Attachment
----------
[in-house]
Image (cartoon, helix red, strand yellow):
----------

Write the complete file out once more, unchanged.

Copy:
[in-house]
Image (cartoon, helix red, strand yellow):